Unitec to host rare workshop by Dr Richard Nunns
Unitec to host rare workshop by Dr Richard Nunns - traditional Maori music expert
Auckland audiences will have a rare opportunity to join master musicians Dr Richard Nunns and James Webster for a two-day workshop exploring taonga puoro - traditional Maori instruments - on Monday 4th and Tuesday 5th November at Unitec's Te Noho Kotahitanga Marae.
This will be the first public workshop of its kind that Dr Nunns has held in Auckland where he will be joined by fellow musical collaborator James Webster, who has an extensive knowledge of taonga puoro and the tradition Maori arts, including whakairo rakau (carving) and ta moko (tattooing).
Dr Nunns is regarded as the world's foremost authority on taonga puoro. He recently performed at Ted X Auckland and has received numerous awards including an honorary doctorate of music from Victoria University in 2008, the QSM for services to Taonga Puoro in 2009, and an Arts Laureate in the same year.
He and fellow musician the late Hirini Melbourne were inducted into the New Zealand Music Hall of Fame in 2009 and awarded joint recipients of the Lifetime Contribution to Maori Music Award in 2012.
Athina Tsoulis, Deputy Executive Dean for the Faculty of Creative Industries and Business at Unitec says they are delighted to be hosting this rare workshop.
"Richard Nunns has contributed so much knowledge and inspired so many in the art of Maori tradition instruments and music," says Tsoulis.
"Unbelievably Dr Nunns has never held an interactive workshop of this type before in Auckland," she says, "so it's absolutely a unique opportunity for the local community and Maori music enthusiasts to come along and be enriched by the wisdom, expertise and hands-on guidance shared by these two remarkable masters of taonga puoro."
Workshop participants will make and play a range of Maori instruments used to mimic bird-cry and the sounds of the natural environment. Bookings are essential as only 30 places are available. For further details, visit www.unitec.ac.nz/richardnunns
Dr Richard Nunns, QSM
Richard Nunns has been described as one of New Zealand's most remarkable musicians. A Pakeha (European New Zealander), he has become the living authority on Taonga Puoro - Maori traditional instruments.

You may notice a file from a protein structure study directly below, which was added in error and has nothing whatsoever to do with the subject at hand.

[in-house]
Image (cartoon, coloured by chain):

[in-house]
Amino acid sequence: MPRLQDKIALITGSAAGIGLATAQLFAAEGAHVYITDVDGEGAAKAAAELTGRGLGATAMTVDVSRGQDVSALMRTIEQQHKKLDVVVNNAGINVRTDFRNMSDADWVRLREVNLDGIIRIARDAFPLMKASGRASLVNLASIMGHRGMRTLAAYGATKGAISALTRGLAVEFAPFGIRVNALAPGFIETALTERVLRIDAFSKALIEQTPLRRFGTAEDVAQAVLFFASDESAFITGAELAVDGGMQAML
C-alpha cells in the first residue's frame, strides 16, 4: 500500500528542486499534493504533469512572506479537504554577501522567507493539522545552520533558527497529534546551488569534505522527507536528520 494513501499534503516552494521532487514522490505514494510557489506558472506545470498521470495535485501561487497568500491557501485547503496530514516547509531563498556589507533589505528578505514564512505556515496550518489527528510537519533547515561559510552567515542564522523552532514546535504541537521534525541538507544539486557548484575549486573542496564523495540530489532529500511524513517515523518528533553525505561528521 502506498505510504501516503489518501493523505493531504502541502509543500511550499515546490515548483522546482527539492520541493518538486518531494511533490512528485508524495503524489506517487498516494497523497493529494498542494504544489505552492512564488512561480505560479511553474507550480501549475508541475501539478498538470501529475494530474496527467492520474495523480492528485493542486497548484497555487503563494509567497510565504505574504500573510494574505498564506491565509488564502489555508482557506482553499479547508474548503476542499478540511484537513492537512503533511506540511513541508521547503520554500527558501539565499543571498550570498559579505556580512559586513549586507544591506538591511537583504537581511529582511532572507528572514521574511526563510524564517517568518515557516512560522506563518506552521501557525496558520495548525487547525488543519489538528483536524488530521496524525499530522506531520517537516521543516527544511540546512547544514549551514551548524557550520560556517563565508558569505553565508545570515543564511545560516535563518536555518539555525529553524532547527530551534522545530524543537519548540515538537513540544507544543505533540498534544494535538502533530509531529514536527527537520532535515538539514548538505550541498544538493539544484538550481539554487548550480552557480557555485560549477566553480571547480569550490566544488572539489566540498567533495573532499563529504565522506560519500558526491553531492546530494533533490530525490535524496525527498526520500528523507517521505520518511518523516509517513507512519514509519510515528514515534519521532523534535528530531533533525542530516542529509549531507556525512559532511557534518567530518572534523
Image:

Richard has developed an amazing international profile, both with the diversity of his recorded work, along with performing with a wide variety of people in many differing settings and circumstances. He works across a wide range of musical genres, and is continually in demand for recording. He is featured on a vast number of CD's.
Richard was awarded an honorary doctorate of music from Victoria University (2008); the QSM for services to Taonga Puoro (2009); an Arts Laureate (2009), was inducted into the New Zealand Music Hall of Fame with Hirini Melbourne (2009), received a Citation by the Lilburn Trust, for outstanding services to music ( 2007) a Citation for Services to New Zealand Music. by the Composers Association of New Zealand ( 2001) and Te Whaiao: Te Ku Te Whe Remixed won Best Maori album (2008). In September 2012 Dr Richard Nunns and the late Dr Hirini Melbourne: were awarded Joint recipients of the Lifetime Contribution to Maori Music Award from the National Waiata Maori Music Awards.
Biography: James Webster
Maori Arts Practitioner and Consultant
James Webster is of Maori and European descent, his tribal affiliations are Tainui, Te Arawa and Pakeha. James is based in Coromandel, working as a Ta Moko (traditional Maori tattoo) artist, of his own business, Tahaa, Ta Moko Studio & Maori Arts.
James studied at Te Wananga o Aotearoa achieving a Bachelor of Arts 'Te Maunga Kura Toi' with Excellence, in whakairo rakau (traditional Maori wood carving), under the guidance of Dr Paakaariki Harrison and Professor Kereti Rautangata in 2005. James also received a Studio Certificate from Toihoukura, Te Tairawhiti Polytechnic, Gisborne in 1998.
James has extensive knowledge of tradition Maori art, specialising in whakairo rakau and ta moko. He has worked in the arts industry for over 20 years, developing his skills in these art forms. James is also a maker and player of taonga puoro (traditional Maori musical instruments) aligning his principles of art, music and the spirit of life.
More recently James has been involved with researching 'Karetao' the art of Maori puppetry, with a view to support its revival.
He is driven by his passion for art and music, the human spirit and spirit of life, "I believe that through sharing our gifts on a human level, it brings us closer to understanding the spirit of life".
For more information and visuals please visit www.tahaa.co.nz